This talk was by Carlos Garnacho, but sadly there wasn't any major announcements. Carlos basically classifies the current GNOME Shell 3.0 as being "mildly multi-touch aware." He classifies that on the basis of some features being touch-friendly while other features are in-accessible, but "nothing is utterly broken."
The GNOME Shell multi-touch support should improve a great deal with a GNOME 3 on-screen keyboard, when the updates to X Input 2 (i.e. X Input 2.1) finally arrive, and when the GNOME Shell Xi2 / multi-touch branches are merged. The X.Org multi-touch protocol is still being worked on and isn't yet in a stable xorg-server release. There isn't even a recent repository of the code, says Carlos, but just the patched versions of the X Server that Canonical is shipping in the 11.04 and 11.10 Ubuntu Linux releases. The GNOME support also doesn't depend upon Canonical's UTouch library.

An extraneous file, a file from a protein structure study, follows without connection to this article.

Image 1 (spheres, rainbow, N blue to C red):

Garnacho then commented on the basic gestures support in GNOME Shell, which currently includes moving windows, tiling to left or right, maximizing, and workspace switching. What he says would be "toppings" for the GNOME Shell support is proper desktop rotation (using either the tablet device's accelerometer or a hot-key), consistent input behavior, smart displaying of relevant options, and other items. Carlos then proceeded with a brief touch demo of the GNOME Shell.